Sunday, September 04, 2011

Wikileaks' Stunning Revelations about Singapore's Corporate Elite

Something that particularly piqued my interest today was the profound Wikileaks revelations about the Island Power saga, and Singapore's corporate sector in general.

Island Power is an 800MW independent power producer (IPP) gas-fired power plant in Singapore that recently (mid 2011) achieved financial close and commencement of construction. It competes with the three large Gencos, Senoko Power, PowerSeraya and Tuas Power that were formerly owned by Temasek Holdings and that were privatised to foreign investors in 2007-2008. Island Power also competes with two GLCs in the Singapore power sector, namely Keppel Merlimau Cogen (Keppel Corp) and Sembcogen (Sembcorp Utilities).

The development of Island Power has taken a very long time, and goes as far back as 2000, when the original sponsor of the project, Intergen, got a license from the Energy Market Authority (EMA) and started the process to develop the power plant in Singapore. However, for more than 10 years, Island Power was beset with delays, ostensibly regarding their ability to procure access to a natural gas pipeline supply from Indonesia and other reasons. Wikileaks, however, has revealed more or less everything surrounding the delay (and subsequent abandonment) of Island Power in the hands of Intergen:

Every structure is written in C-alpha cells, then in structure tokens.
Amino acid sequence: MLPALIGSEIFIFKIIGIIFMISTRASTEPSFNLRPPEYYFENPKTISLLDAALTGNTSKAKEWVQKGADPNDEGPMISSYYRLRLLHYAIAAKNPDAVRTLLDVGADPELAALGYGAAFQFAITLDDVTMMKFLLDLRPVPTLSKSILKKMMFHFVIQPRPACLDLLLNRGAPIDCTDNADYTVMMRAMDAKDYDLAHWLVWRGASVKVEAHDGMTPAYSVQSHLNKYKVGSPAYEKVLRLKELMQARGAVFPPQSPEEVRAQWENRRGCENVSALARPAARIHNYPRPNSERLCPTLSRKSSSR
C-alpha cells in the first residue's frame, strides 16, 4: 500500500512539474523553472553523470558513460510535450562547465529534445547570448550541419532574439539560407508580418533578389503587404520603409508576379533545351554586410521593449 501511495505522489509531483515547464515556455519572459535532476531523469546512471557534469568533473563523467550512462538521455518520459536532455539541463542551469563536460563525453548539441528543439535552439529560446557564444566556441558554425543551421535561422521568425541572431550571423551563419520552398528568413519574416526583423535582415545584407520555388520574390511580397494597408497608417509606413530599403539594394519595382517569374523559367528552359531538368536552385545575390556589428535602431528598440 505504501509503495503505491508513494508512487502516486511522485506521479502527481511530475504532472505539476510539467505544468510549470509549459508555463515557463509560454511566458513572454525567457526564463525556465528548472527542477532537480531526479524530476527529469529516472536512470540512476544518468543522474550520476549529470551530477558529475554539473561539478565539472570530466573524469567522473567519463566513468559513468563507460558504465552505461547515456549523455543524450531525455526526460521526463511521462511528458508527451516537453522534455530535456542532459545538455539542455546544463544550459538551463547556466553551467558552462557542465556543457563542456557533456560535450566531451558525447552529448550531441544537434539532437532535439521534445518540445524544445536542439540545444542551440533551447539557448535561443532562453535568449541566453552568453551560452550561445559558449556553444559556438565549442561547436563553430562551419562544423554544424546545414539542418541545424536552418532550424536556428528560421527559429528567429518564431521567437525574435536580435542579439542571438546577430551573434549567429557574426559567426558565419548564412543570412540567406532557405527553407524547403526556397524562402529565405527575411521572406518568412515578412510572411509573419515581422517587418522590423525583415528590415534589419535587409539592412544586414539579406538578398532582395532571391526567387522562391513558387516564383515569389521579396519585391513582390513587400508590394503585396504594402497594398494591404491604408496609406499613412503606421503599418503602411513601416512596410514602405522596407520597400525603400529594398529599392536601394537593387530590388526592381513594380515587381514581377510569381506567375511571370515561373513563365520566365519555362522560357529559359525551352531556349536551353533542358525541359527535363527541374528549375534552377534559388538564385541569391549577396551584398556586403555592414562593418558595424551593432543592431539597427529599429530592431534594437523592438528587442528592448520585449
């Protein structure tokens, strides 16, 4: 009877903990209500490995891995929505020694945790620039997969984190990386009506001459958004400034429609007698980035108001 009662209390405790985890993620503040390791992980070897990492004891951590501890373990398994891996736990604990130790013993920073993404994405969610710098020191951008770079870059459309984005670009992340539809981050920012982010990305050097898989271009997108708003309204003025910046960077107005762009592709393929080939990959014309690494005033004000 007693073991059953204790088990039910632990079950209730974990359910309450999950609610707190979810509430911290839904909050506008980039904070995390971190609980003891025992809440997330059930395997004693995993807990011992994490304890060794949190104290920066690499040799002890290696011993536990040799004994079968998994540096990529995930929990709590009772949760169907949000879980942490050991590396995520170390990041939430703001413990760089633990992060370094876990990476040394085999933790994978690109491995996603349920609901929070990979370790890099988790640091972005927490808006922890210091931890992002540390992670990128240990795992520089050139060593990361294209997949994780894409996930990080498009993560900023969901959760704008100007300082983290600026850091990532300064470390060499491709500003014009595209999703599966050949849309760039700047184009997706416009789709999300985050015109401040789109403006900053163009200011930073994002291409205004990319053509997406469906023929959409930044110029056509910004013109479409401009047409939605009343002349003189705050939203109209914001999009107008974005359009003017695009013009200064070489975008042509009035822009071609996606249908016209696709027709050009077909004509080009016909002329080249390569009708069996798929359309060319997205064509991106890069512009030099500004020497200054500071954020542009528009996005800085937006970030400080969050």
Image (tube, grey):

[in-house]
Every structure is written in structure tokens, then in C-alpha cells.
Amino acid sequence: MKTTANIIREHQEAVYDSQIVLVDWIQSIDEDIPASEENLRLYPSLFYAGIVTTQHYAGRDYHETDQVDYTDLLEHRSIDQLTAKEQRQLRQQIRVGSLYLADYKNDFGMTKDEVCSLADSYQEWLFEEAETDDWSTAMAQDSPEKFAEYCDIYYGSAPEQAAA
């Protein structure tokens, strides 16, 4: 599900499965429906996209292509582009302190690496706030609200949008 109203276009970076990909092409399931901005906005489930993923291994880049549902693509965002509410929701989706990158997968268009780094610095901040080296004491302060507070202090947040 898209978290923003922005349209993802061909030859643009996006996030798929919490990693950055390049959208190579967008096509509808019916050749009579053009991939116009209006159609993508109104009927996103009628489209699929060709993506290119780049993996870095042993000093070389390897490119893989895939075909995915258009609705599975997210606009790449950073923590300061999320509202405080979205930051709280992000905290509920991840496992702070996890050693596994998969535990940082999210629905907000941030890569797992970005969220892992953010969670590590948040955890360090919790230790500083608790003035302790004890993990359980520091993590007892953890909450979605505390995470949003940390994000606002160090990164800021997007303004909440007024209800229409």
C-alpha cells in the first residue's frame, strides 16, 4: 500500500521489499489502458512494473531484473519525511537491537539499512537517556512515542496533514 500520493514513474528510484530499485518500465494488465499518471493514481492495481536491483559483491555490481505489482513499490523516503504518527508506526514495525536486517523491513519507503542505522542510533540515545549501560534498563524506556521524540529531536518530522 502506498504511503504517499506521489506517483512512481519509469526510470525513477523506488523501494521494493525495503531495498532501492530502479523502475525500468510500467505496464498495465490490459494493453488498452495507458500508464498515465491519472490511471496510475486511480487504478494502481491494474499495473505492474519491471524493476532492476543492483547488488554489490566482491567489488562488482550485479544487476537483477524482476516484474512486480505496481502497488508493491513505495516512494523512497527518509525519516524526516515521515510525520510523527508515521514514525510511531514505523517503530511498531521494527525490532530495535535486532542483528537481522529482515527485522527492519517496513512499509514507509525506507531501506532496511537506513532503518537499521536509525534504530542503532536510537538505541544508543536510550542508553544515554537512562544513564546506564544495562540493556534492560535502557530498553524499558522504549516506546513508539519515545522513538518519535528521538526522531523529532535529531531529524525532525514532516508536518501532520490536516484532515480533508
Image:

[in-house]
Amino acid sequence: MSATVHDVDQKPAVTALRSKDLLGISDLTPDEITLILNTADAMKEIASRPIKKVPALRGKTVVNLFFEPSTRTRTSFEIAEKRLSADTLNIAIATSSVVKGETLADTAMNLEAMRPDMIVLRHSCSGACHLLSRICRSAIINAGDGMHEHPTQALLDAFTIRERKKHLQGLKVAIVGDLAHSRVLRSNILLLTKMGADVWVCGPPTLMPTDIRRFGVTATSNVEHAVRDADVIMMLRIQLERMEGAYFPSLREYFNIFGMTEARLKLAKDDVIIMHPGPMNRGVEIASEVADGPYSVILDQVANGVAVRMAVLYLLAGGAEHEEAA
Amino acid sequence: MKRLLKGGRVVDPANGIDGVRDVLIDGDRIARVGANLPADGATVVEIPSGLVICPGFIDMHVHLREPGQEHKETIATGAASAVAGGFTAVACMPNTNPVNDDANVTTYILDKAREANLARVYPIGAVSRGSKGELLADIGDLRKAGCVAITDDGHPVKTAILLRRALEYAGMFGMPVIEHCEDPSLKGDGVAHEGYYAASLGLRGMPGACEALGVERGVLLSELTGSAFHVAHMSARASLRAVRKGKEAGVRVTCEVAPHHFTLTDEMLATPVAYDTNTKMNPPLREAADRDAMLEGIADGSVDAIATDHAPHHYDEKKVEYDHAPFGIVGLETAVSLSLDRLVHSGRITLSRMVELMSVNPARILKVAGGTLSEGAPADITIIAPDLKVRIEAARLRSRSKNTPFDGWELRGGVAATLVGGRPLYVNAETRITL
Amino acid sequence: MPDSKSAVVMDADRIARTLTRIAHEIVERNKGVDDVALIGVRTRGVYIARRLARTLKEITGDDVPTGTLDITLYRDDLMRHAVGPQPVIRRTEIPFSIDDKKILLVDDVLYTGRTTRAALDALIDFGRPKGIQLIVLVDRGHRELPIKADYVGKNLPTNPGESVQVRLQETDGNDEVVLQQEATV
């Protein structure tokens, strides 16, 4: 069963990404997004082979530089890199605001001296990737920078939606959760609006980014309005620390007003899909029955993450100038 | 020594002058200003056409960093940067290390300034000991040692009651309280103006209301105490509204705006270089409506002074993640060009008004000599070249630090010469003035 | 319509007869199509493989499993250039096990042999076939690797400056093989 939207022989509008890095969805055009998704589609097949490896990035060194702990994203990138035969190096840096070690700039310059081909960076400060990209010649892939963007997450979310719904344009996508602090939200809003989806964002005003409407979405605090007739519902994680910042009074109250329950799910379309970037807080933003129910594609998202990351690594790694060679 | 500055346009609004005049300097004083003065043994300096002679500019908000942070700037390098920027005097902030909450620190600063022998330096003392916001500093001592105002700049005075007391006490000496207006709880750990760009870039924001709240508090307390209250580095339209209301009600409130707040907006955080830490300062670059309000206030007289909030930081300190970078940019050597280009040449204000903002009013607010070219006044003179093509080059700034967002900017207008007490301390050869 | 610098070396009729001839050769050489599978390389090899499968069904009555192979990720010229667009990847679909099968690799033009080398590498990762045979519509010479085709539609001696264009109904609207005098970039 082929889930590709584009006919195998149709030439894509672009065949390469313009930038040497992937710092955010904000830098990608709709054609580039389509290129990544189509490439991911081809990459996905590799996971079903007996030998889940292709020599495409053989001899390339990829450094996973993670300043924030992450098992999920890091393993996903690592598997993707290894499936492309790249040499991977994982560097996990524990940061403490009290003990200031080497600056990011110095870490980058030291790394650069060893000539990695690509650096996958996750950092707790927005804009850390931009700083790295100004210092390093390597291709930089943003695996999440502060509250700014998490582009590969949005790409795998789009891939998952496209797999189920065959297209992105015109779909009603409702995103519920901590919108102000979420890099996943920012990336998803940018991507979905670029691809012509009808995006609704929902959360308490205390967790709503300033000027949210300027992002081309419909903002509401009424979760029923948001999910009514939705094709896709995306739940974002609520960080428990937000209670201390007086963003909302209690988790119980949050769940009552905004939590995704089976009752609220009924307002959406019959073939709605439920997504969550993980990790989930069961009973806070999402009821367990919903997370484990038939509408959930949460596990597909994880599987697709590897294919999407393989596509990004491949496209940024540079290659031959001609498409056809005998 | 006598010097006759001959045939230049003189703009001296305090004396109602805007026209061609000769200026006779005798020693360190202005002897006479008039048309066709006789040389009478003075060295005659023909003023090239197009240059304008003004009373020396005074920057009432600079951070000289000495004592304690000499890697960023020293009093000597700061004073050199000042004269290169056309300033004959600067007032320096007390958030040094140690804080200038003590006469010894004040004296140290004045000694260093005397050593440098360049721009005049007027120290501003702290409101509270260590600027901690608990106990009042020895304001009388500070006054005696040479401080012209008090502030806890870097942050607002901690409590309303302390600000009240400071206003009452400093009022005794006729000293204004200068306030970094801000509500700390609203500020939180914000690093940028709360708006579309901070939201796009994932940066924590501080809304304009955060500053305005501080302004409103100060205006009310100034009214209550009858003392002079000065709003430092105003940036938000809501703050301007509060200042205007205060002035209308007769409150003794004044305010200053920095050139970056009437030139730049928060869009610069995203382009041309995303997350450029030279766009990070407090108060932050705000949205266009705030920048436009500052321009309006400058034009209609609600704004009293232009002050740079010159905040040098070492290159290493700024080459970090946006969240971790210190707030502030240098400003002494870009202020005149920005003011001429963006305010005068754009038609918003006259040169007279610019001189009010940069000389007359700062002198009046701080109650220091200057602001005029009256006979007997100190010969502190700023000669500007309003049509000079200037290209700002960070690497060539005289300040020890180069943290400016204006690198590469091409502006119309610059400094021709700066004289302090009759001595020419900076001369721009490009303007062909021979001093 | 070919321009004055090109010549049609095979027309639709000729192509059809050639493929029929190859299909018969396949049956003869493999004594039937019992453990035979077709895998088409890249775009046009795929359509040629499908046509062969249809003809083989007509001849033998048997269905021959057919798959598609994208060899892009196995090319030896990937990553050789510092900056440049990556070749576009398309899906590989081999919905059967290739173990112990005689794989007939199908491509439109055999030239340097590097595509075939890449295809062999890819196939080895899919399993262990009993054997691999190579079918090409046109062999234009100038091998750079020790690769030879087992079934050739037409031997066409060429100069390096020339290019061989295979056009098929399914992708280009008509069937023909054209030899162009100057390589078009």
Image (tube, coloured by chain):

"For about six years Singapore Temasek and its subsidiaries have deliberately and successfully blocked efforts by Intergen and local subsidiary Island Power to access an offshore gas pipeline between Indonesia and Singapore.  While the GOS was taking public steps to encourage competition and liberalize its gas market, Temasek was working hard to block potential competitors (ref D), claimed Michael Reading (protect), Managing Director of Island Power.  Reading said that Temasek at various points threatened personal defamation lawsuits, claimed it "controlled the government," and pledged to "frustrate" Island's efforts to operate in Singapore."
It turns out that the real reason that Island Power faced so much problems getting off the ground was because of anti-competitive behaviour of Temasek Holdings, which through its influence in the government, was blocking access by Island Power to a natural gas pipeline essential to its operations.
It took a year for EMA to respond to an application Island filed requesting that EMA step in and finally decide whether Island could access the pipeline.  EMA's response was a published directive that stated Island would have to secure a new gas sales agreement from a supplier in Indonesia and negotiate an allocation agreement with Gas Supply Pte Ltd, a subsidiary of Temasek, in order to share the pipeline.  
EMA stated that the allocation agreement with Gas Supply would be essential to the final decision-making process to prevent future contractual disputes that might negatively affect the downstream supply of gas to Singapore.  However, the allocation agreement would require Island to go back into negotiations with Temasek, the company that from the beginning opposed Island's entry into the domestic power sector.  Such negotiations would likely result in years of litigation, Reading said.
But what is surely the most interesting is the revelation that the EMA, and MTI, are politically second fiddle to Temasek executives, and that by extension, the bureaucracy of Singapore serves the interests of Singapore's corporate elite: